Sunday, July 22, 2018

Unity starter tips - performance.

"Uh oh. It's another one of those starter tips thing from people that thing they know game engines."
Yeah, it's one of those things. Things that I run into my self, and had to hunt them down all over the place when my projects had issues. Of course this is by no means the be-all-end-all list. But it is a start!

1) Remember to set up your project correctly in the Player Settings, set up skinning and batching depending on what you need (Leave batching on of course...), what to log...

2) Know your target platform. Not all platforms are created equal. You won't put the same effects (or the same quality effects) in PC and mobile. Mobile will just get single digit fps, if it will even work in the first place.

3) Set up your physics layers! If you have a physics layer for your player character and you know for sure that the character will never touch or interact in any way with objects belonging to a certain physics layer, disable their interaction in the physics matrix. There is no need to let the engine try to figure out if these two are touching since you know that they won't.

4) Bake stuff in maps! Even if you are targeting DirectX12/Vulkan with all the eye-candy possible, why waste cycles with having dynamic effects enabled for something that you know is going to be static? Bake those shadows and that occlusion. You'll take a tiny bit more to set them up, but you'll save on resources that you'll be able to use elsewhere and the people playing your game won't complain about fps drops.

5) Batch stuff! And Ι'm not talking only about dynamic batching because if abused, it may end up costing frames instead of saving. If you are making a detailed environment in a 3D modeling package, when it's time to export stuff, export all the stationary objects as one mesh, so when they go over in the real time engine then they will be treated as a single mesh.

6) Texture atlas. Continuing from #5, combine your textures for that scene into one big one, so when the engine goes to load the textures it won't go like "stop rendering, read from disk, load into memory" for every single texture. Sure you can't combine eeeeverything, especially the textures for character because if those characters are used in a different scene, then the whole texture will be loaded, even the pieces that aren't used.

7) When making a new script, always remove that Update function if it won't be used. If it's left there in the script, then the engine will still go in the loop every frame to see what it should do in it. It won't skip a function just because it's empty.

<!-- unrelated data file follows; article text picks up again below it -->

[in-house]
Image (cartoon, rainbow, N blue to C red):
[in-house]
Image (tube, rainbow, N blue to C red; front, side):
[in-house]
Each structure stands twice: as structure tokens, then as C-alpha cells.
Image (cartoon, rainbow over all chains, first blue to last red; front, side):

8) Comparing Tags. gameObject.CompareTag("thing") is faster than gameObject.tag=="thing".
So if trying to see if this is the right tag, use CompareTag. It is a native Unity function, compiles to fewer calls, it has less of an overhead... long story short, it uses less stuff and things add up.

9) Pool objects. It's really tempting to simply have a call that creates/spawns an enemy from a script. You just write it and when the game is about to use the enemy, spawn it. Well... that introduces hiccups when the entity is spawned, especially if there are alot of stuff going on with it. And if you have lots spawning; as we said already - things add up. Have a pool of enemies ready, just disabled or hidden out of sight, and when needed teleport the enemy where it's needed and have a boolean for that enemy that he is awake. When destroyed/killed, simply hide them again and set the boolean that they are free to be used again later on. This is really especially useful for example when dealing with waves of enemy ships. When they blow up, don't Destroy() the object, simply hide them.

10) Try to use Coroutines instead of Update functions in scripts. As we said in #7, Update is always checked even if it won't do anything. One of the first ways people just starting unity will use to try and control objects, is Update. At first, my self included at first, people will put a boolean in an IF check, and if true the object will do something. That hogs the main execution thread of the project. So use Coroutines instead. What are Coroutines? They are small routines that can be spun off into their own thing, running along the main thread, but unlike Update, they don't stay there looping and never letting the main thread continue. Coroutines can be called when needed, paused and delayed and when done they stop and go away. Useful for timers and controlling stuff!